Working With Mount Records
Mac OS X computers using network user accounts need to access networked volumes at startup (prior to logging in). Open Directory specifies a mount record, which contains information about these network volumes so a startup process can automatically mount them, regardless of which user logs in.
Mac OS X computers prepared for use with network user accounts typically don’t store this information in their local NetInfo database, as that information can become out-dated and each Mac OS X computer’s NetInfo database would need to be updated manually. At startup, the automount daemon queries Open Directory for mount records. In response, directoryservice plug-ins that have been preconfigured with remote server information search the databases on those servers for mount records. The automount daemon uses the information from any mount records that are returned to mount the appropriate volumes. This type of automount is supported for AFP and network file system (NFS), but not for SMB.
The following table lists a mount record’s attributes.View Table
For some types of servers, you may not be able to rely on the mount record being stored on the server. You can add mount records to the client’s local NetInfo database using dscl, NetInfo Manager, or Workgroup Manager.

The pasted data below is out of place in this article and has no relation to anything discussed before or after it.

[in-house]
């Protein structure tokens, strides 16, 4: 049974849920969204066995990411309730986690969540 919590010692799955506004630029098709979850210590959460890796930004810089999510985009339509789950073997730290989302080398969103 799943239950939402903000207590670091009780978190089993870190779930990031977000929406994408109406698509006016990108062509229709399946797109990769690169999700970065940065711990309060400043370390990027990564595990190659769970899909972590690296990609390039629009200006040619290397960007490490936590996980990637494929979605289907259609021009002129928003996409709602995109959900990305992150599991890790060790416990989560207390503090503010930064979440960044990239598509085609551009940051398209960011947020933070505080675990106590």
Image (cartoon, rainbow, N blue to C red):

If the computer won’t boot to multiuser mode after you modify the mounts record, delete the record in single-user mode, restart the computer, and enter the data again.
If you can browse a computer but you cannot connect, try the following:
- Look for network problems. Check physical connections and try to ping the server. Try other services from the same server. If more than one protocol is affected, you should troubleshoot your network connection.
- If you get a login dialog but can’t mount the volume, the connection is good and authentication is the most likely problem. Verify the user name and password. A good way to do this is using id and su from the command line.
- If you have a problem mounting from the Finder, try mounting from the command line. You may get more information from error messages.
- Verify the permissions of the folder you’re mounting on.
- Verify that the URL you are using is correct.
Try connecting from a different computer. If the service appears on that computer, find out what is different. Look at Network preferences and Directory Access settings, for example.